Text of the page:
The city’s school district is mostly made up of people of color. The student body was 55 percent African American and 43 percent Hispanic in 2013, the last year for which the district made figures available. By contrast, New Jersey’s population statewide is 13 percent African American and 17 percent Hispanic. Sciarra said the city’s schools “suffer from intense racial isolation.” He believes the minority population does not have the “political clout” to ensure that issues like lead cleanup are carried out.

Like other lead contamination problems in schools around the country such as in Camden, N.J. and Boston, Newark’s issues stem from its older infrastructure. Many school buildings date from the 19th century and have aging pipes lined with lead, said Joseph Della Fave, executive director of the Ironbound Community Corporation, a local social services nonprofit. “The lead problem is just a symptom of a crumbling, neglected school system that desperately needs more attention,” Della Fave said.

Among the schools that tested positive for lead is South Street Elementary, a hulking, brick structure erected in 1883. South Street is in Newark’s Ironbound district, a working class, multi-ethnic neighborhood named after its former role as a center of the iron working trade. One recent morning, students filed through narrow corridors past water fountains that had been shut off due to high lead levels. Signs taped above the fountains read “Do Not Drink.” Cases of bottled drinking water were stacked nearby. A recent survey by the Education Law Center found that South Street’s facilities are in “very poor” condition and that the school is overcrowded. The school’s roof frequently leaks and administrators struggle to find extra sources of funding for classroom necessities, said Newark Teachers Union President John Abeigon.

The lead crisis is the latest in a long series of challenges for Newark’s school district. After decades of struggles with poor academic performance and crumbling infrastructure, the state seized control of city schools in 1995, citing corruption among the system’s problems. Ironically, the state control that was intended to help Newark schools may have contributed to the lead problem. Abeigon said that state control led to an administration that is out of touch with the needs of the schools and failed to fix infrastructure, including old pipes with lead. “Local control would give more oversight,” Abeigon said. “The people running the schools now are people operating out of Trenton who put the traditional needs of the students way on the back burner,” he said.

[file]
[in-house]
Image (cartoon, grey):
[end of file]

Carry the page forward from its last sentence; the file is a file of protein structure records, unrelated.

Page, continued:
Cerf rejected the idea that state control played a part in the way the district dealt with lead contamination. He referred to Marion Bolden, a previous Newark school superintendent who dealt with the lead issue and who was a state employee. “To say that Marion Bolden’s response had anything to do with the fact that she was a state employee is deeply insulting to her and it’s just not accurate,” Cerf said.

Steven Marcus, a medical doctor at the lead poisoning program at University Hospital in Newark, has seen thousands of cases of lead exposure in the city his during his decades-long career. He called the lead situation in Newark an “urgent problem” that needs “immediate remediation.” Treatment for patients suffering from lead exposure can do little, Marcus said, adding that the best remedy is to make sure people are not exposed to lead in the first place. State money intended for lead remediation isn’t being spent for its intended purpose. New Jersey puts aside money from the tax on the sale of paint that is intended to remediate lead exposure. This fund generates about $10 million a year but the money isn’t getting to the right places. The New Jersey government has diverted more than $50 million away from the lead health fund so routine state bills and salaries could be paid, according to report last year by a local newspaper, the Asbury Park Press.

While Newark school officials try to come up with a plan to fix the lead contamination, state leaders are scrambling to figure out the extent of the lead problem across New Jersey. A bill proposed in March would require all schools in the state to immediately test their drinking water for lead. But Marcus said that testing drinking water is just the start and that the state needs to move quickly to make sure more children aren’t exposed to high levels of lead.